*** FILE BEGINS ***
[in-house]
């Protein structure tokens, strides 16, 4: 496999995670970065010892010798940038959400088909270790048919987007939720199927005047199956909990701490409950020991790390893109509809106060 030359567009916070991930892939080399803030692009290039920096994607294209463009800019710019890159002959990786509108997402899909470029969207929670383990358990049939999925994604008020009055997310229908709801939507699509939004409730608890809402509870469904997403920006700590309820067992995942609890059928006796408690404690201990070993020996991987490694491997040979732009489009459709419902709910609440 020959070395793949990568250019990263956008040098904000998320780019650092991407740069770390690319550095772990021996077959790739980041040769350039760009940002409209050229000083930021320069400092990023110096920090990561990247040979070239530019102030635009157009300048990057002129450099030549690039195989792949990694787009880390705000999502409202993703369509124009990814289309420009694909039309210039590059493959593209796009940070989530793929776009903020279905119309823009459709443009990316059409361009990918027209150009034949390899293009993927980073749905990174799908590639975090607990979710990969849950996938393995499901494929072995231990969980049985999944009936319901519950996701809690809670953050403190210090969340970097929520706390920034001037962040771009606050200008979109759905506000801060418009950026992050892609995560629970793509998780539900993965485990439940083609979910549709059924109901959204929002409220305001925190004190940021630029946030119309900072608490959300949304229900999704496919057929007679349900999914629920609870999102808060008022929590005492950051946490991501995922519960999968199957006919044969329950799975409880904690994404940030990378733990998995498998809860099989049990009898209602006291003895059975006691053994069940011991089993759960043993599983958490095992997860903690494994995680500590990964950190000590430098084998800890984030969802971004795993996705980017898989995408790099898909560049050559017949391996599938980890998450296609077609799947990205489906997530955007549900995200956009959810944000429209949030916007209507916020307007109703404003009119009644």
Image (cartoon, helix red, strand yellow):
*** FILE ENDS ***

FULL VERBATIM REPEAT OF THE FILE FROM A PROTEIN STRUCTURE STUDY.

[in-house]
């Protein structure tokens, strides 16, 4: 496999995670970065010892010798940038959400088909270790048919987007939720199927005047199956909990701490409950020991790390893109509809106060 030359567009916070991930892939080399803030692009290039920096994607294209463009800019710019890159002959990786509108997402899909470029969207929670383990358990049939999925994604008020009055997310229908709801939507699509939004409730608890809402509870469904997403920006700590309820067992995942609890059928006796408690404690201990070993020996991987490694491997040979732009489009459709419902709910609440 020959070395793949990568250019990263956008040098904000998320780019650092991407740069770390690319550095772990021996077959790739980041040769350039760009940002409209050229000083930021320069400092990023110096920090990561990247040979070239530019102030635009157009300048990057002129450099030549690039195989792949990694787009880390705000999502409202993703369509124009990814289309420009694909039309210039590059493959593209796009940070989530793929776009903020279905119309823009459709443009990316059409361009990918027209150009034949390899293009993927980073749905990174799908590639975090607990979710990969849950996938393995499901494929072995231990969980049985999944009936319901519950996701809690809670953050403190210090969340970097929520706390920034001037962040771009606050200008979109759905506000801060418009950026992050892609995560629970793509998780539900993965485990439940083609979910549709059924109901959204929002409220305001925190004190940021630029946030119309900072608490959300949304229900999704496919057929007679349900999914629920609870999102808060008022929590005492950051946490991501995922519960999968199957006919044969329950799975409880904690994404940030990378733990998995498998809860099989049990009898209602006291003895059975006691053994069940011991089993759960043993599983958490095992997860903690494994995680500590990964950190000590430098084998800890984030969802971004795993996705980017898989995408790099898909560049050559017949391996599938980890998450296609077609799947990205489906997530955007549900995200956009959810944000429209949030916007209507916020307007109703404003009119009644």
Image (cartoon, helix red, strand yellow):